Gold prices have risen to the highest level in two years after the U.S. Fed delayed their rate hike expectations and fears of a Brexit continue to mount. If we do see a vote for the UK to leave the Eurozone next week we could see another leg higher for gold as the uncertainty will likely heighten volatility and see a flight to safety in gold. Oil prices are down nearly 2% this morning, heading for the sixth straight session of loses. This comes expectations for supply disruptions are easing in both Canada and Nigeria. Gains were made yesterday after inventory data showed that U.S. supplies and production was lower last week.
Fixed Income And Economics
We’ve had an extremely busy 24 hours in the financial marketplace that was punctuated by the (lack of) moves from three prominent central banks around the globe. The FOMC kicked festivities off yesterday by announcing no changes to their current overnight lending regime that came as no surprise to observers. What was more interesting however lied in the details and mindset of the policy voters. There were no dissenters this time around (Esther George had been in the prior two meetings) and six members of the Committee felt that there would be only one rate hike in 2016. However, the infamous dot plots painted a different tone with the path still projecting two increases before year’s end. Who to believe? Are markets making too big of a deal by following the dots? There were as many as three possible hikes back at the March meeting, which went to two in April, and now the risk tilts the possibility to just one now. Nine Committee members expect two hikes, one person expects three and yet another voter still thinks the Fed can hike four times over the remaining four meetings this year (yes, you’re not the only one confused by this!). The muddled mess that is the dot plot has your’s truly yearning for the good old days when policymakers didn’t bother forecasting their intentions to the market and instead acted on their own merit as they deemed necessary (even going as far as announcing in- between meeting rate hikes and cuts). Immediate reaction saw short Treasuries rally with the two year benchmark falling by six basis points.
The aftermath of the FOMC caused a sharp sell-off in the USD/JPY cross which had implications because the Bank of Japan was ending their two day policy meeting shortly afterwards. In the end, the BoJ decided against further stimulus measures and will continue to conduct money market operations so the monetary base increases at an annual pace of 80 trillion yen ($760 billion) and maintain a negative interest rate of -0.1%. This was naturally viewed as a negative with the Nikkei selling off by 3% and JGB’s rallying a tick. The Yen rose 1.5% against the greenback to push 2016 gains up to 13.8% and effectively moving in the opposite direction of what BoJ Governor Kuroda wants to see. You’ve got to feel for the poor guy who implemented a negative interest rate policy for the first time ever back in March — he tries to stimulate the economy by weakening the Yen but the FOMC keeps screwing him over with continually soft monetary policy and commentary. What else could possibly go wrong for him (oh right, government revenue in the form of a higher sales tax has been postponed until 2018).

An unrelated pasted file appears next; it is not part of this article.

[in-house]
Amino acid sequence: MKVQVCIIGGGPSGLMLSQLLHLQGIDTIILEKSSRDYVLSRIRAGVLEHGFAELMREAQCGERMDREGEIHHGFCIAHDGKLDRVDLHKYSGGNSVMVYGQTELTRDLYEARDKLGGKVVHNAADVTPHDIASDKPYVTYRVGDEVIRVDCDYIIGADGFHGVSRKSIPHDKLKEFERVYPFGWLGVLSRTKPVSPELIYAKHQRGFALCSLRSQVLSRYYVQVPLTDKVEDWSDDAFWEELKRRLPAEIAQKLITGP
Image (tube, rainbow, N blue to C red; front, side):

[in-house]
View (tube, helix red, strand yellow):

Lastly, the Bank of England updated their monetary policy this morning and as expected voted unanimously (9-0) to keep the official bank rate at 0.50% and asset purchase target at £375 billion exactly one-week ahead of the EU referendum vote. While no change was anticipated, pound sterling threatened to break through $1.41 on the downside for the third day in a row but has since recovered to pre-announcement levels ($1.4140). The Monetary Policy Committee (MPC) statement warned once again about the negative impact leaving the EU would have on the U.K. economy and its currency by stating that “A vote to leave the European Union could materially affect the outlook for output and inflation. In the face of greater uncertainty about the U.K.’s trading arrangements, sterling was likely to depreciate further, perhaps sharply.” Risks remain to the downside for the GBP over the course of the next week especially if the momentum in the “Leave” campaign picks up (Bloomberg currently sees a 39% likelihood).
Chart Of The Day
Quote Of The Day
To accomplish great things, we must not only act, but also dream; not only plan, but also believe. – Anatole France (1844 – 1924)